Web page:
Help pages

Contact us

If your question isn't answered here, or you just wanted to let us know something about the site, contact us.

Code of Access to Information officer questions #

I just got here from bottom of a request, what is going on? # is a service run to help ordinary members of the public make requests under the Code on Access to Information, and easily track and share the responses.

The request you received was made by someone using You can simply reply to the request as you would any other request from an individual. The only difference is that your response will be automatically published on the Internet.

If you have privacy or other concerns, please read the answers below. You might also like to read the introduction to to find out more about what the site does from the point of view of a user. You can also search the site to find the authority that you work for, and view the status of any requests made using the site.

Finally, we welcome comments and thoughts from Access to Information officers, so please get in touch.

Why are you publishing responses to requests? #
We think there are lots of benefits. Most importantly it will encourage the public to be more interested and involved in the work of government. We also hope that it will reduce the number of duplicate requests on any subject that a public body will receive. Given that responses to Code on Access to Information requests contain public information, which anybody could easily request again from the public authority, we think there should be no reason not to publish it widely.
Are the people making requests real people? #
Yes. For the purposes of keeping track of responses we use computer-generated email addresses for each request. However, before they can send a request, each user must register on the site with a unique email address that we then verify. You can search this site and find a page listing all requests that each person has made.
An email isn't a sufficient address for a request! #
Yes it is.
Aren't you making lots of vexatious requests? #

We are not making any requests. We are sending requests on behalf of our users, who are real people making the requests.

Look at it like this - if lots of different people made requests from different Hotmail email addresses, then you would not think that Microsoft were making vexatious requests. It is exactly the same if lots of requests are made via Moreover, since all requests are public it is much easier for you to see if one of our users is making vexatious requests.

I can see a request on, but we never got it by email!#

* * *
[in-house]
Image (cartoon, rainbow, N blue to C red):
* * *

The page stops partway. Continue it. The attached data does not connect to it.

If a request appears on the site, then we have attempted to send it to the authority by email. Any delivery failure messages will automatically appear on the site. Contact us if there is a better address we can use.

Requests are sometimes not delivered because they are quietly removed by "spam filters" in the IT department of the authority. Authorities can make sure this doesn't happen by asking their IT departments to "whitelist" any email from If you ask us we will resend any request, and/or give technical details of delivery so an IT department can chase up what happened to the message.

How do you calculate the deadline shown on request pages?#

Don't worry too much about this. The Code on Access to Information says that

The target response times set out in [...] the Code should be regarded as upper limits. Information should always be provided as quickly as possible and responses will therefore, in many cases, be made well within these target times.
If you think you will need some extra time to respond to a request, just tell the requester as much, explaining in a sentence or two why that is the case. They will appreciate it, and the amout of hard work you do.

Why do you publish the names of civil servants and the text of emails? #
We consider what officers or servants do in the course of their employment to be public information. We will only remove content in exceptional circumstances.
Do you publish email addresses or mobile phone numbers? #

To prevent spam, we automatically remove most emails and some mobile numbers from responses to requests. Please contact us if we've missed one. For technical reasons we don't always remove them from attachments, such as certain PDFs.

If you need to know what an address was that we've removed, please get in touch with us. Occasionally, an email address forms an important part of a response and we will post it up in an obscured form in an annotation.

The Code on Access to Information is "applicant blind", so anyone in the world can request the same document and get a copy of it. If you think our making a document available on the internet infringes your copyright, you may contact us and ask us to take it down. However, to save taxpayers' money by preventing duplicate requests, and for good public relations, we'd advise you not to do that.

If you haven't already, read the introduction -->
Otherwise, the credits or the programmers API -->

If you haven't already, read the introduction -->
Otherwise, the credits or the programmers API -->